This out-and-back hike is 1.7 km (1.1 miles) but relatively steep. The views at the top make it all worth it as you spot Lake Wairarapa and the Aorangi Mountains in the distance. This area is one of the most beautiful parts of the North Island, in my opinion! You can expect this hike to take about 1 hour.
If hiking isn’t on your bucket list, you can still enjoy the drive as you wind through the mountain pass. However, this is the part of the drive that can get unsafe in bad weather conditions. Be sure to check the road updates before you drive in the winter!
Related Read: If you love trekking to see gorgeous views, read about my favorite hikes on the South Island as well!
5. Rivendell/Kaitoke Regional Park
The great Rivendell is a well-known Lord of the Rings attraction that sits in Kaitoke Regional Park (about 45 minutes from Wellington). Rivendell was built to be part of the movie, but if I’m being honest, seeing Rivendell was a bit underwhelming as it is simply a forest walk with one cool arch. It’s still neat to say that I’ve been there, and it could be significant to die-hard LOTR fans.
What I was more impressed with was Kaitoke Regional Park! That makes this stop totally worth it. The park is beautiful, with a great river to swim in, walking trails, and bridges. You can explore the shaded forest with the extensive hiking trails or sit on the grassy lawn and enjoy a sunny day.
The suspension bridges are impressive, and the forest area is stunning. If you’ve been in the car all day, it will be a breath of fresh air to explore Kaitoke Regional Park!
Related Read: If you’re a Lord of the Rings fan and heading to the South Island, take one of these awesome LOTR tours in Glenorchy!
Finally, you will make it to Wellington! This is actually one of my favorite cities in the entire country and one of the most underrated capital cities in the world. Wellington doesn’t feel like the bustling metropolis that is often associated with the country’s capital. Instead, it is quirky and has a unique culture of craft breweries, colorful buildings, and even more outdoor areas to explore.
Wellington is known as the craft brewery capital of New Zealand, which makes me automatically love this place! There are over 20 breweries within a small radius. But the best way to brewery hop is on this guided beer-tasting tour which takes you to not one, not two, but four Wellington and Hutt Valley breweries.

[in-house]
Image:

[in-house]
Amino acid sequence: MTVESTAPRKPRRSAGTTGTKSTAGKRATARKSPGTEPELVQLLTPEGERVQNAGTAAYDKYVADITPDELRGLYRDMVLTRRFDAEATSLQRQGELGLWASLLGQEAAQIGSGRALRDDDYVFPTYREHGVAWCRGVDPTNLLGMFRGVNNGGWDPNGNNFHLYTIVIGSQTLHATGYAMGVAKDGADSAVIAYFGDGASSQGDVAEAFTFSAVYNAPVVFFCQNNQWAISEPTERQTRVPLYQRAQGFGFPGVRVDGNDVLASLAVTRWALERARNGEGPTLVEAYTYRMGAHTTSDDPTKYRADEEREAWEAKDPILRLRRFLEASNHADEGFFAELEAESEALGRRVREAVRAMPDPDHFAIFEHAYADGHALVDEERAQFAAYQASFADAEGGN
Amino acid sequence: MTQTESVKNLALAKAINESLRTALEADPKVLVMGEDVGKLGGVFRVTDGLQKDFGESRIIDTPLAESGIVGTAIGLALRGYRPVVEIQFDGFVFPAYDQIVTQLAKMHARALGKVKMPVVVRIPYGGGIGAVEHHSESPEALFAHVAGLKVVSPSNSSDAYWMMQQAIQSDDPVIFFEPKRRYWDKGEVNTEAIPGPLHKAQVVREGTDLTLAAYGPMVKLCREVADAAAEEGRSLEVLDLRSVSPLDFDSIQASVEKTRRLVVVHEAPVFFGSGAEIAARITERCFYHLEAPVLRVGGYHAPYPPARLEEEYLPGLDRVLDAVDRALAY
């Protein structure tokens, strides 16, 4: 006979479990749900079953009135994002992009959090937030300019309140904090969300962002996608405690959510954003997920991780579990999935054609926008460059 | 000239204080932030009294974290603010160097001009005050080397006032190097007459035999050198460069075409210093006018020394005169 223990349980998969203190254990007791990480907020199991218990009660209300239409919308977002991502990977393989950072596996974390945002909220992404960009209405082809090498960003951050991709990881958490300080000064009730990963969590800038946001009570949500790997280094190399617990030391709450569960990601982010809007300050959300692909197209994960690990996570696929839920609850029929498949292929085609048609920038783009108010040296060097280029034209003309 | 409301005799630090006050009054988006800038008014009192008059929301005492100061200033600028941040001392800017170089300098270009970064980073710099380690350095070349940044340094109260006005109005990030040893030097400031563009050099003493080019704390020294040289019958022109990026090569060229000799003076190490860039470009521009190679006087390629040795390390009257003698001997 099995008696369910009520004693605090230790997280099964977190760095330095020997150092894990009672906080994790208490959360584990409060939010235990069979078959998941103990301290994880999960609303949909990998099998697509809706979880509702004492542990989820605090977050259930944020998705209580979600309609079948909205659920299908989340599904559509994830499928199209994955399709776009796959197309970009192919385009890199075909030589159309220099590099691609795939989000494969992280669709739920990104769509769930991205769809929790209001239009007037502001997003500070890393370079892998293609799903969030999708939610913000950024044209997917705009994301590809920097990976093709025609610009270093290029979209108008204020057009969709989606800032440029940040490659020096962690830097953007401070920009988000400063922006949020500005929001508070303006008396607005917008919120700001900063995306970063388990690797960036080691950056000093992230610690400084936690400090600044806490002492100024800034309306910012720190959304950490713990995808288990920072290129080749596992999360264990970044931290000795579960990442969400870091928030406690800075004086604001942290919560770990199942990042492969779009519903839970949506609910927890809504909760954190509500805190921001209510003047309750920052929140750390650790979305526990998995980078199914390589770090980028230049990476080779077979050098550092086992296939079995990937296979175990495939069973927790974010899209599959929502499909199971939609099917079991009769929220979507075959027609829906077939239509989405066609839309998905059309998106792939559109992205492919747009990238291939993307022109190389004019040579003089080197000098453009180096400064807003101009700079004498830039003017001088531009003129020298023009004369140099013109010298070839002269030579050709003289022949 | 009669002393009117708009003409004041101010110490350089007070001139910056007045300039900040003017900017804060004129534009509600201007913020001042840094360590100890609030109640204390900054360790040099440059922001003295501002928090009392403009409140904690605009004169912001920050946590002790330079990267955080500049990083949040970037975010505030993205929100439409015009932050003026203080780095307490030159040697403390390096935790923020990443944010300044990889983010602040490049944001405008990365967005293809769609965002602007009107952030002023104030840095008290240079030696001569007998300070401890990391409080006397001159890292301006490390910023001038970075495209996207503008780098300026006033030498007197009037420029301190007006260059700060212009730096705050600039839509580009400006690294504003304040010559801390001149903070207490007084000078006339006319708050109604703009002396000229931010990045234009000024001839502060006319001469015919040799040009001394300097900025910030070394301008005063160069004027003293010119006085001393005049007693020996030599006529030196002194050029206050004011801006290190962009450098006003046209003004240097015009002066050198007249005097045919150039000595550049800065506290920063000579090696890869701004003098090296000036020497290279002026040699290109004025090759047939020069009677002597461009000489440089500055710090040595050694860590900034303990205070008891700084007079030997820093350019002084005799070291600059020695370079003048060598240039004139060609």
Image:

Tastings are included at Kereru, Boneface Brewery, Baylands Brewery, and The Third Eye. Pick-up and drop-off to CBD hotels are included, which means you can drink as much as you want without having to worry about a designated driver! This 4-hour tour is offered Wednesday to Sunday at 4 pm. It costs $154 NZD, including all tastings and transport. For the best intro to Wellington’s craft beer, secure a spot on this tour today.
After all that driving, you may need a long walk, which is why I love exploring the Wellington Waterfront Walk. This is a 3 km (1.9 mi) stretch full of restaurants, parks, beaches, iconic statues, and the famous Wellington sign to take a photo with!
My favorite museum in all of New Zealand is also located in Wellington! The Te Papa Museum is one of the most visited spots in the whole country. The museum’s full name, Te Papa Tongarewa, is a Maori phrase meaning “container of treasures” – and that’s precisely what this place felt like. It’s full of fascinating artifacts that helped me learn about Kiwi history and Maori culture.
The museum is located in the CBD and is open daily from 10 am – 6 pm. It’s free to enter, although certain exhibits may cost extra. However, one of the best ways to see Te Papa is on this particular tour. You’ll explore the museum 30 minutes before it opens its doors to the public like a true VIP. Trust me, some of the top exhibits are best seen without the crowds. This entry ticket costs only $15 NZD and can be purchased right here!
While in Wellington, visiting the Weta Cave and Workshop is also a must. If you’re a movie buff or simply interested in a really cool experience, this is one of the best special effects and props companies in the entire world. It was founded by none other than the director of Lord of the Rings, Sir Peter Jackson. Taking a tour is a great way to learn about the creation of these props and how the special effects are done; it is seriously impressive!
If all this LOTR talk got you excited, I recommend taking this small group tour! First, you’ll head to Hobbiton Woods, where the Hobbits hid from the Black Riders. You’ll visit five filming sites from the first movie before heading onto Wētā Cave and Workshop for an official guided tour. This is a great look into The Hobbit film creation, even if you don’t have time to make it to Hobbiton!